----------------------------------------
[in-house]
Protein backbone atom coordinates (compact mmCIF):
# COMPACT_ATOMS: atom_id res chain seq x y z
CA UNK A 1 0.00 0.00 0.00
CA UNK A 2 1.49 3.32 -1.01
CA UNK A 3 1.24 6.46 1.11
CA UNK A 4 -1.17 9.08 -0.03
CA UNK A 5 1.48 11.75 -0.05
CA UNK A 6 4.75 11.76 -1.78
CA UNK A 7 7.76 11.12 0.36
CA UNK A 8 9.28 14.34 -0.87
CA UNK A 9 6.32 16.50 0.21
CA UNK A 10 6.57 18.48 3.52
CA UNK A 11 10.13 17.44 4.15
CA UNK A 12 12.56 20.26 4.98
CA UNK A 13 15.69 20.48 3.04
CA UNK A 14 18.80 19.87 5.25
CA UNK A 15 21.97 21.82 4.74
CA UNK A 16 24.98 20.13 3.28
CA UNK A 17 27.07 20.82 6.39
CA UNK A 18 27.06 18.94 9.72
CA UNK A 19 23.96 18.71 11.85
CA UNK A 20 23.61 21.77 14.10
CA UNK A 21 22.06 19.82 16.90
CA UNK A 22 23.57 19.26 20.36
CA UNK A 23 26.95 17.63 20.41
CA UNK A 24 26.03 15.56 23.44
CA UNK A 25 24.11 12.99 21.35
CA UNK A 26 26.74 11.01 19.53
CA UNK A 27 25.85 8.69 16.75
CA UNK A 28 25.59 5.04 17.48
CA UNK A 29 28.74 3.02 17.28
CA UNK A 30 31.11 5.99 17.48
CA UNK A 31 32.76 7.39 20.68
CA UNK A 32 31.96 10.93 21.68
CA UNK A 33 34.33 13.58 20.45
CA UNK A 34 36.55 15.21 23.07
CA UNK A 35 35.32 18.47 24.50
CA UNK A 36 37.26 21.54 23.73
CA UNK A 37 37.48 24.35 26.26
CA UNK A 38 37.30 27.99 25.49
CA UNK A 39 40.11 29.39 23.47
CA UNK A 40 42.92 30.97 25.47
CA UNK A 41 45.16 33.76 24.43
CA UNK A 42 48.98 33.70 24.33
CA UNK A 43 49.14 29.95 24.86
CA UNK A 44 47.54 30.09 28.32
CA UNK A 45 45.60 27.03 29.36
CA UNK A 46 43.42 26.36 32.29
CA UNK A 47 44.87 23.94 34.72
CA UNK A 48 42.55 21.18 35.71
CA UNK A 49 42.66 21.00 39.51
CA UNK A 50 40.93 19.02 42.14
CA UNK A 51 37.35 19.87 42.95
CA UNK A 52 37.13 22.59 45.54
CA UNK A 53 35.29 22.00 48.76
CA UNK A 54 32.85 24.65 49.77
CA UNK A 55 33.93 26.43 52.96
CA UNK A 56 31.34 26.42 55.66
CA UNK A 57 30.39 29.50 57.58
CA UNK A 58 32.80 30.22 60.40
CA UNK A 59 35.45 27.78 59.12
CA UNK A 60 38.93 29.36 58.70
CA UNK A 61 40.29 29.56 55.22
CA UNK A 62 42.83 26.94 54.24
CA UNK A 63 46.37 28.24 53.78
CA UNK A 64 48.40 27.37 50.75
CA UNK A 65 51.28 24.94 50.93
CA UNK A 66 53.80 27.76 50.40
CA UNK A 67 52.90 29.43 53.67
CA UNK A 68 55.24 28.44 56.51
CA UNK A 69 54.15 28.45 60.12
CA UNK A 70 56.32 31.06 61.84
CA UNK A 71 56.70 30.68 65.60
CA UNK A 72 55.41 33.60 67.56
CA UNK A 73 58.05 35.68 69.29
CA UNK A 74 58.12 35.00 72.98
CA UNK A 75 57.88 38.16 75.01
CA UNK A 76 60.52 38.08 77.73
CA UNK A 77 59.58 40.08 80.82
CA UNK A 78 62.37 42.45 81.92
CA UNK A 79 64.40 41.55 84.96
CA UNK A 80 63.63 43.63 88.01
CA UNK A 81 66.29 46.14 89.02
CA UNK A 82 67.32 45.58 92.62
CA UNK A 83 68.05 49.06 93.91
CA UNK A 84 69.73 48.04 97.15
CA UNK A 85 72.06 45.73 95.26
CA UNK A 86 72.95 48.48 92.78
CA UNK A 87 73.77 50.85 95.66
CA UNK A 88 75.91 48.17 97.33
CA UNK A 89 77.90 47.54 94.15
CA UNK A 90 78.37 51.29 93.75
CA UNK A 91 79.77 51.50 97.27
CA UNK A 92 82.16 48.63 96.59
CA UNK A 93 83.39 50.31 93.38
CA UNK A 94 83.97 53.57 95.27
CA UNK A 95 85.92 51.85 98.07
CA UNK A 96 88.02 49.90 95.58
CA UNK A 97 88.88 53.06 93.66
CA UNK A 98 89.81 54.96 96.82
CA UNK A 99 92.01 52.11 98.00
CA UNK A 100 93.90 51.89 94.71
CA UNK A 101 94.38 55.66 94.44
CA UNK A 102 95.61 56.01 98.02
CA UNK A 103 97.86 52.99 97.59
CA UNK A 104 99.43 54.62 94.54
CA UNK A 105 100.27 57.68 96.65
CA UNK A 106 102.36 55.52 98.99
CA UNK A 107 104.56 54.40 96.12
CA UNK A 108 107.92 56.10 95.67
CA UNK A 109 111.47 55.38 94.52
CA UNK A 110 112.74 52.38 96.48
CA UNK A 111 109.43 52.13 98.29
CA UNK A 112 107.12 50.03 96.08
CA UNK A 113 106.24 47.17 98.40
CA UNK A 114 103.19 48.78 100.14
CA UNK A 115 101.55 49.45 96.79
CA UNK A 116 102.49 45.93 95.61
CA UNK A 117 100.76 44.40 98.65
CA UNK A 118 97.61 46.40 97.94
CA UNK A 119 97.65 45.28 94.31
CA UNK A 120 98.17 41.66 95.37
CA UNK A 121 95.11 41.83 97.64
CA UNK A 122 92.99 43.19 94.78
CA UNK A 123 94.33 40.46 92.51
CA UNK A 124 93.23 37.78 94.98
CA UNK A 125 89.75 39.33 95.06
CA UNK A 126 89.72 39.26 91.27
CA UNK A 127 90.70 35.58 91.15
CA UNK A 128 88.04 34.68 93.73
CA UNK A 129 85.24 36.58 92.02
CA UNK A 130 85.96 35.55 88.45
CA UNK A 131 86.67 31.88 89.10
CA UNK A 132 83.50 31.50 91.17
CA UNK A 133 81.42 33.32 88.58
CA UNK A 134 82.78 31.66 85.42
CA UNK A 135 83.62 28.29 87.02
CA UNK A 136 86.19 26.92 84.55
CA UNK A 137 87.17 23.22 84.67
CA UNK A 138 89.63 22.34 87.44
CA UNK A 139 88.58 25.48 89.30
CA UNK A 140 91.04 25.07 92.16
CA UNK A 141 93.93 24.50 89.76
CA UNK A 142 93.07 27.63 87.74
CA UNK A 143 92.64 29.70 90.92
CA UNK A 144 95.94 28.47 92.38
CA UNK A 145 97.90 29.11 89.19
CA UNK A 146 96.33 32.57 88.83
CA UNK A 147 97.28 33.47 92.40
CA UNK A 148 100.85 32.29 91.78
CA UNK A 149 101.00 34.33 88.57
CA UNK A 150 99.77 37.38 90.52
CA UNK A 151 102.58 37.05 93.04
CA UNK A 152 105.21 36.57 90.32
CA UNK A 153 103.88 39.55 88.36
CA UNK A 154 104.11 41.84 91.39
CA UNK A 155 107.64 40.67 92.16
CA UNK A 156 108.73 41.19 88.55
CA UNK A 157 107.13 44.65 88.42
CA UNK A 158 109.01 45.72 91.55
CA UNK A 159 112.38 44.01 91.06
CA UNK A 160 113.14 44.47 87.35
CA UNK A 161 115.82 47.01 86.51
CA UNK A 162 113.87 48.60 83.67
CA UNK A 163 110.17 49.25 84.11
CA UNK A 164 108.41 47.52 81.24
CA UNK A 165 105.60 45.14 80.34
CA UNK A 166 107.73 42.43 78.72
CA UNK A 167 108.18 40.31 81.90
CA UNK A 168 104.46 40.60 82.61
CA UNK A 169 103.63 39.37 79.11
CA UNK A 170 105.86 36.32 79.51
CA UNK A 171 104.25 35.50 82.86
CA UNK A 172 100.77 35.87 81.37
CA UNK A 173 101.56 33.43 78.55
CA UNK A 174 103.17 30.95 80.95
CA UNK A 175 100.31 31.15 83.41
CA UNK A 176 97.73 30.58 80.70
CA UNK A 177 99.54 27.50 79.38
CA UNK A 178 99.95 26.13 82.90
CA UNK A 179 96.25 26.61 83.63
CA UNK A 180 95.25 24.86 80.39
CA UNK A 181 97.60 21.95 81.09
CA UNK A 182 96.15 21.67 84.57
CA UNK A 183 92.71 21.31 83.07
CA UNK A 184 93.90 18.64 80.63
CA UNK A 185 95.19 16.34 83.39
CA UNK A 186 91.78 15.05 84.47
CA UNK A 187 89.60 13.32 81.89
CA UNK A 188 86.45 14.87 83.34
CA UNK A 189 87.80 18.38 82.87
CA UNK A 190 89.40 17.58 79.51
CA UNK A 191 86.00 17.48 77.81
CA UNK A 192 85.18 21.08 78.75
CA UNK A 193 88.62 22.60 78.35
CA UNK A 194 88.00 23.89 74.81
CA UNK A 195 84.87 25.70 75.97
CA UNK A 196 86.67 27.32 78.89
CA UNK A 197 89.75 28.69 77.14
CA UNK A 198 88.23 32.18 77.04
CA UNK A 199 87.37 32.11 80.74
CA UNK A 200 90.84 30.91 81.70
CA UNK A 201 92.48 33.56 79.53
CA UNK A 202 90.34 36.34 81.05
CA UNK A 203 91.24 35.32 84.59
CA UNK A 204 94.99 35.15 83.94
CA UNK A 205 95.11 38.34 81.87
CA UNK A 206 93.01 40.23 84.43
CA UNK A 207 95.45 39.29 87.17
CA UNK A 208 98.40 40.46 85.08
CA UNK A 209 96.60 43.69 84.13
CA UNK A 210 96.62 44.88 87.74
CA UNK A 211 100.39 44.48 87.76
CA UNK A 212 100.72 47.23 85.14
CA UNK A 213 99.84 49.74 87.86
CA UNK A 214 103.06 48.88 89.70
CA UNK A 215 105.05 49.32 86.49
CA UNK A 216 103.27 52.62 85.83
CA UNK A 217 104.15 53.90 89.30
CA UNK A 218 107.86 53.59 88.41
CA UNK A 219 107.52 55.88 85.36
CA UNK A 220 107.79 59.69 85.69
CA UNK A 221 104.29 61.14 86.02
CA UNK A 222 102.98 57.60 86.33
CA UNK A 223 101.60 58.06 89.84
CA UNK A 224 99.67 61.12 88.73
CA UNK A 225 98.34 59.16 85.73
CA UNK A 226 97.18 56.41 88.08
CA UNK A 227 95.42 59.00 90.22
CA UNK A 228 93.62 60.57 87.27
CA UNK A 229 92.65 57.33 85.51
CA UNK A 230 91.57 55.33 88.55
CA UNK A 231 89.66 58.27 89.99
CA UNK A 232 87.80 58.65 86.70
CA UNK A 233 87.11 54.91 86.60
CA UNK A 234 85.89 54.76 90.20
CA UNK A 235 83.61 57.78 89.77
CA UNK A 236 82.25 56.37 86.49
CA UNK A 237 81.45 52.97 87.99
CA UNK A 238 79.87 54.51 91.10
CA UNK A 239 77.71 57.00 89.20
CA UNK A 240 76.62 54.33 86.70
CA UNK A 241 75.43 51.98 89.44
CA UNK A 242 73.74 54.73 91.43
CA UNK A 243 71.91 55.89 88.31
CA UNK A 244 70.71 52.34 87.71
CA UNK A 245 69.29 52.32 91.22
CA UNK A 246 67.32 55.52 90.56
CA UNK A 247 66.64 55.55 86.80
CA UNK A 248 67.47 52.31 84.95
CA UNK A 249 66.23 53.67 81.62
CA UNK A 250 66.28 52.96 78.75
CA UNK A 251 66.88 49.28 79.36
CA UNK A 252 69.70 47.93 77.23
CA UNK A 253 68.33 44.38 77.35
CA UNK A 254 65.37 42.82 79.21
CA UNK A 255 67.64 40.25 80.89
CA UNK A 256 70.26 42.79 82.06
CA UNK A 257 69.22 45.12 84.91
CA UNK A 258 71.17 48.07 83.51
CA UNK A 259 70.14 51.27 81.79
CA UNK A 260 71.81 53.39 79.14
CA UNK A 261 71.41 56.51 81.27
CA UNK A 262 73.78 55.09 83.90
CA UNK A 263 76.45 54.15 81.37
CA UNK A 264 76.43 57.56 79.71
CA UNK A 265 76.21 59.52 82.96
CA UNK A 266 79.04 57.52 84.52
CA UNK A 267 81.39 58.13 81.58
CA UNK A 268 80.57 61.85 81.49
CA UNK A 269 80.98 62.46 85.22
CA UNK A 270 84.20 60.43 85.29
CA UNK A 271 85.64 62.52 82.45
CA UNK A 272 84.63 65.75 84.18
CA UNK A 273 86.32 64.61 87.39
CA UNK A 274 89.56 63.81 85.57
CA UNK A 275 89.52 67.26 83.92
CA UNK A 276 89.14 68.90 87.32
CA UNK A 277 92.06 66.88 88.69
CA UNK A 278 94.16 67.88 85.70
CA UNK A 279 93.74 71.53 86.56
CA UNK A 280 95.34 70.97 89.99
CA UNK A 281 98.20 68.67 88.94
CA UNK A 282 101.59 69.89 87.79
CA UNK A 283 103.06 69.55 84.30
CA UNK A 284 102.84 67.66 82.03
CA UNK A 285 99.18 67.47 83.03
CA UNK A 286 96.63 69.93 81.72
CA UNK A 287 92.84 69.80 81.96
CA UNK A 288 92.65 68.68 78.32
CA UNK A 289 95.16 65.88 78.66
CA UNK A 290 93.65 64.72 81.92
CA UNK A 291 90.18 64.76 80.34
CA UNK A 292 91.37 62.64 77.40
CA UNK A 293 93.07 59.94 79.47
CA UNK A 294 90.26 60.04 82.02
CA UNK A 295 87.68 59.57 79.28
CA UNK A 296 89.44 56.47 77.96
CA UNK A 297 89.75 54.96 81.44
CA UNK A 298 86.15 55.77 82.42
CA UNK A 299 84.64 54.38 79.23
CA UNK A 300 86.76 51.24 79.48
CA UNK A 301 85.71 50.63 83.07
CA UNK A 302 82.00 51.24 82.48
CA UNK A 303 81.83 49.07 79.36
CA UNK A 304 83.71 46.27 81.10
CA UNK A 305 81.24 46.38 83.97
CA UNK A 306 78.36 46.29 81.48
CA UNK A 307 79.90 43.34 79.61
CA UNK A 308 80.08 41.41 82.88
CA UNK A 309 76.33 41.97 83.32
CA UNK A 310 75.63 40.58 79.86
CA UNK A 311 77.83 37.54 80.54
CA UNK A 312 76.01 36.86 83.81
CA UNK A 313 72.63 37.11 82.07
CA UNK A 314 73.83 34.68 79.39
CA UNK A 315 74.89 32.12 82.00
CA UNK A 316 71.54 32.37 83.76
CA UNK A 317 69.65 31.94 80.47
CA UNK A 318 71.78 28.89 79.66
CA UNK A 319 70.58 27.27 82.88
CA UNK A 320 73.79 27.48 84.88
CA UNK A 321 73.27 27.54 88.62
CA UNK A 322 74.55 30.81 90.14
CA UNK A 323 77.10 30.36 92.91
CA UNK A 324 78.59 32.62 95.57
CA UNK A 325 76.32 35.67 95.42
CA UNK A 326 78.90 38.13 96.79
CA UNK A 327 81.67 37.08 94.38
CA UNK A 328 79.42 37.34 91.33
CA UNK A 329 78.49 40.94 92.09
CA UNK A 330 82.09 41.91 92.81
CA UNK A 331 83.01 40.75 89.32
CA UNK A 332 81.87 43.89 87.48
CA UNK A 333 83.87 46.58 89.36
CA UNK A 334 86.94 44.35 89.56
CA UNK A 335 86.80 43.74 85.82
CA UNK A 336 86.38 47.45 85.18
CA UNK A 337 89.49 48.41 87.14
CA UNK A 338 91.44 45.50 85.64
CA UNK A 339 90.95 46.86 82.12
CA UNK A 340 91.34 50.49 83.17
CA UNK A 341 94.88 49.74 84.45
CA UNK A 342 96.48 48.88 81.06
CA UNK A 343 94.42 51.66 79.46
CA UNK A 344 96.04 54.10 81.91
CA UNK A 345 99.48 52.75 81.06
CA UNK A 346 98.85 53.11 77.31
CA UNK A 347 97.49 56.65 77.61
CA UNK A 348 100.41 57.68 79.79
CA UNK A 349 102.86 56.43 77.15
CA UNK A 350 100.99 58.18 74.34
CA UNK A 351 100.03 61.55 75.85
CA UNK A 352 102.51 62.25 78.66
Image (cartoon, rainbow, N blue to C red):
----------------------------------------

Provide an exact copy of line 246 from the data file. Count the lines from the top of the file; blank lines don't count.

CA UNK A 243 71.91 55.89 88.31